By Ben Smith, Catholic Outlook September 2014
The recent media storm surrounding the story of Baby Gammy in Thailand has caused a global sensation; ultimately leading to the country’s governing military junta to propose a ban on commercial surrogacy.
The extensive media coverage of the story has been complicated by a series of twists and turns. However, the heart of the situation remains the same.
In his book Catholic Bioethics for a New Millennium [i], the Bishop of Parramatta and bioethicist, the Most Reverend Bishop Anthony Fisher OP, said children have become the last big consumer item for the person who has everything.
He said ownership, patents, quantity and quality control as well as ‘take-home baby rates’ are the language and mentality of the free market and indicate the colonisation of the womb and nursery.
Baby Gammy’s situation has highlighted a number of morally objectionable practices concerning the commercial surrogacy industry in developing countries such as Thailand.
An increasing number of vulnerable young women in poor countries are being used as surrogate mothers by entrepreneurs to supply children to wealthy first world clients. The financial position of these surrogate mothers means they can be subject to all kinds of exploitation.
They can feel a strong bond with their surrogate children and naturally can find it very hard to hand over the babies they have carried and given birth to.
The babies that these women carry in their wombs are often subject to a range of testing to ensure that the ‘pre-ordered’ baby meets the ‘requirements’ of the commissioning couple.
The Australian [ii] recently reported that Australian Embassy officials in Bangkok had intervened on a number of occasions to stop Australian couples from backing out of their contracts because their baby had genetic defects.
The paper also reports there are issues if the child is the unsought sex (females are preferred over males) or even because the surrogate mother was pregnant with twins and had refused to have a “selective reduction” abortion to destroy one twin.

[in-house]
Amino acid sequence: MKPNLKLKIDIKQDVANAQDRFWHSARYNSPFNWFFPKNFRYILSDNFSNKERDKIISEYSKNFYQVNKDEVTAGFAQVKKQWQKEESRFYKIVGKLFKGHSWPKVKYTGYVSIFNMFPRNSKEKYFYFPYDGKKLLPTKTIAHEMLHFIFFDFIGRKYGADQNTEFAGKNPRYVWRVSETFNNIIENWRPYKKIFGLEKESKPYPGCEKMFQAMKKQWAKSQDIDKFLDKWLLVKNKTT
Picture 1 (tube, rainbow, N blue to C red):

The commoditisation of life for both the surrogate mothers and the children they carry is an intrinsic part of any approach to commercial surrogacy. Some things are not meant to be bought and sold – especially someone’s life or someone’s womb.
The Church teaches us that this commodisation is wholeheartedly at odds with the sanctity of life of all people from conception to natural death.
While the Church understands the struggle and sadness faced by childless couples, it teaches that surrogacy in even the most altruistic of circumstances can never be justified. It violates the integrity of a woman’s womb and the life that is created.
It also complicates a child’s familial identity, because they could potentially have three ‘mothers’ (their biological mother who provided an egg, their surrogate mother and their legal/guardian mother).
The Church’s understanding of the natural order is that babies should be conceived naturally by the love of a husband and wife in the womb of their biological mother.
A positive thing emerging from this story is the outpouring of concern for Baby Gammy. One charity has received pledges for more than $250,000 to help with his medical expenses.
However, the moral outrage is in sharp contrast to the attitude shown towards unborn Down Syndrome babies in Australia.
The screening of unborn babies is routine obstetric practice in this country. When a couple is told their unborn baby has Down Syndrome, there is significant pressure on them to abort their child. There are courageous women and men who resist this unjust pressure.
Does the act of seeing a photogenic Down Syndrome baby change people’s view of the value of their life? Do our basic moral instincts in regards to bioethical issues get clouded by the rhetoric of the medical professionals and public intellectuals? Do we as a society expect others to follow a higher moral standard than we apply to ourselves?
The Baby Gammy story has sparked a valuable debate around commercial surrogacy and reproductive technology. This debate only reinforces the Church’s commitment to the sanctity of life.
[i] Anthony Fisher, Catholic Bioethics for a New Millennium, (Cambridge University Press, UK, 2012), Pg 15
[ii] The Australian article: [‘Abandoned surrogate child is only one of many such tragedies’,4/8/14]